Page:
|Wimborne, BH21 3AD, UK Wimborne|
+44 (0)1202 841254
WELCOME TO OUR SCHOOL
We want our young people to develop the qualities to live life in all its fullness and to contribute richly to society. Wisdom and moral courage are cornerstones of this and they are developed through such attributes as tolerance, compassion, self-discipline, imagination and resilience, each often hard won.
Beyond that there are the many skills such as leadership, flexibility, teamwork and reasoning power which will bring success. Not least amongst these I would place lightness of touch and a sense of proportion.
Our hopes and expectations for young people are great and it is Canford's task to help them meet these demands with a spring in their step. The environment is structured and yet allows them to grow as individuals through exposure to a very wide range of opportunities. Breadth is an essential feature of Canford life.
In achieving these aims, academic matters are of primary importance, of course. The school emphasises both the disciplines and freedoms of the intellect. Academic work may be the ladder to universities and careers but it is equally a source of much pleasure and personal growth, regardless of ability.
Creativity and self-discovery are fostered also through the range of extra-curricular activities. One can not tell whether balls or greasepaint or water or bees will fire up the imagination but the opportunities and encouragement are there.
Canford sets its entry standards at a level which should enable the motivated pupil to achieve a wide range of GCSEs (at grades A to C) and three A levels of sufficient quality to enter Higher Education. Ninety five percent of Sixth formers proceed to university.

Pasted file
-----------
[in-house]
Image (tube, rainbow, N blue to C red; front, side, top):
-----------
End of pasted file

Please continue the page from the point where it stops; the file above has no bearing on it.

There are seven boarding houses at Canford: Court, Franklin, Monteacute and School for boys; Beaufort, de Lacy and Marriotts for girls. While the housemaster/mistress provides continuity of care from before arrival through to university and beyond, each house tutor will share responsibility for one year-group's welfare and academic progress. The objective is to provide clear guidance and support without stifling individuality.
Above all else, the house is home. Pupils remain in the house unit throughout their time in the school, learning from each other and taking on different roles as they move up the year groups. Each house has a married housemaster/mistress, three tutors (one resident in each boarding house) and at least one house matron. House year groups vary between ten and fifteen and each house numbers sixty to sixty-five.
The houses are welcoming social environments but they are also places for the nurture of independent study. Each house has a library, internet access and, above all, a purposeful air. They also provide the context in which initiatives such as charity work or directing a play might be attempted.
In addition to the academic, sporting and cultural opportunities outside the classroom, there are a number of further activities, clubs and societies through which pupils can develop extra-curricular interests and explore new avenues.
Pupils in the Fourth Form (Year 10) begin a series of Enterprises, which initially consist of either the Combined Cadet Force or a programme of activities which includes Adventure Training, Community Service, Conservation Work, Cookery and First Aid. These activities take place on Tuesday afternoons and two further weekends are allocated during the year for expeditions and other project work. At the end of the Fifth Form (Year 11) options open up considerably and include the full Community Service Programme.
Sixth Form pupils are encouraged to help organise and run activities for themselves and younger pupils. Some, for example, have regularly entered the Devizes to Westminster Canoe race, taking responsibility for their own organisation and preparation. Others devise and run successful fund-raising events for charity. The Duke of Edinburgh Award Scheme continues to be popular.
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